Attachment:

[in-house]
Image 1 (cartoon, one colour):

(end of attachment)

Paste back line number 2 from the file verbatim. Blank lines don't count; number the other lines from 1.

Image 1 (cartoon, one colour):